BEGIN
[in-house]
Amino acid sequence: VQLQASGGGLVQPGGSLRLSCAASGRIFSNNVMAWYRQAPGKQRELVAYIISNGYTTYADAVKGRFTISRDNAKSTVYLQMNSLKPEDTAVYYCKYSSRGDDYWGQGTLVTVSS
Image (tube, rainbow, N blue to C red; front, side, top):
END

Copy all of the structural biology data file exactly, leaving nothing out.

[in-house]
Amino acid sequence: VQLQASGGGLVQPGGSLRLSCAASGRIFSNNVMAWYRQAPGKQRELVAYIISNGYTTYADAVKGRFTISRDNAKSTVYLQMNSLKPEDTAVYYCKYSSRGDDYWGQGTLVTVSS
Image (tube, rainbow, N blue to C red; front, side, top):